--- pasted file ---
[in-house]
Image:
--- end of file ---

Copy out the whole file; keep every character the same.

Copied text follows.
[in-house]
Image: